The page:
Why fighting with your significant other is actually great

"We hardly ever fight," I used to say proudly, feeling sorry for all the couples who do. What I should have said was, "We hardly ever fight because he's a master avoider and I'm an expert feelings swallower." But I didn't know that at the time, and I also didn't know that all that resistance to conflict was going to bite me in the ass one day, hard. For two people with different upbringings, priorities, ideas about marriage, and habits, it is quite unlikely that my husband and I would have just magically blended together into a perfect, harmonious existence without disagreement or conscious compromising. But my beliefs about conflict were that it should be avoided at all costs. I was afraid of what conflict meant and the pain it inflicted. Better to just move on. Andrew also had similar beliefs.

If my feelings were ever hurt and or I was angry, I wouldn't address it directly. I'd maybe stomp around the house or do dishes extra loudly though. If Andrew was upset, he would go into his cave and not come out until he no longer felt the need to talk about it.

But, when everything fell apart (as I talked about in a previous blog post and in the first episode of my WTF am I doing with my life podcast) and we were facing the possibility of divorce, there was no reason to be scared of conflict. It was like, "F*** it, what've I got to lose?"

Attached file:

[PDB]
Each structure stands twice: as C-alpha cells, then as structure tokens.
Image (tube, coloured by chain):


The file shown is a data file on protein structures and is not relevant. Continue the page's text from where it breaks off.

As we fought for our marriage, there was nothing we weren't willing to address - sex, money, jobs, anger, jealousy.

Wanting to handle it all responsibly, we hired a relationship coach, Aaron F. Steinberg. At first, I was afraid of talking to someone about "my problems" but from the beginning, it was more like talking to a friend... a really f***ing wise friend. What we learned was that words left unsaid and the points of conflict left unattended to, created space between us. We were essentially hiding and lying about who we really were and what we thought. From that place grew resentment.

On this podcast, I interview Aaron about conflict. This is what he says about it:

 "It's an opportunity to see the places where you're not aligned and learn how to be better partners. And support each other in the things that you would need to work out for yourself regardless of who the other person was standing across from you."

We experienced this first hand when we tackled a particular point of conflict that came up a lot. Here's the scenario: I would do something really clumsy and stupid like bang the door of our new car on a pole, spill something on my expensive computer, or drop and shatter my iPhone. This happened kind of a lot. He'd get pissed. I'd get defensive.

"You have to be careful! You just don't care enough!" he'd say.